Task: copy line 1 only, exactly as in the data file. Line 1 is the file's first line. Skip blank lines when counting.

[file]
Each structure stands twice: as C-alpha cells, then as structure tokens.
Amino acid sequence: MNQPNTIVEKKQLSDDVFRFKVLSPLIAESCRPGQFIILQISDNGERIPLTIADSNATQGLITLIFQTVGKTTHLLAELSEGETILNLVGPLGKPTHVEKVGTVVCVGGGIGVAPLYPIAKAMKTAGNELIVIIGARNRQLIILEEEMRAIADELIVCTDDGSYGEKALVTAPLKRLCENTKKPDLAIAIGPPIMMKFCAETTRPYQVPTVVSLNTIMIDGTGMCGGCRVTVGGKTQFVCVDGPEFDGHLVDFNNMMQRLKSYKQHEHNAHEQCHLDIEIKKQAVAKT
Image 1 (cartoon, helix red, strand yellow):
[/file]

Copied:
Each structure stands twice: as C-alpha cells, then as structure tokens.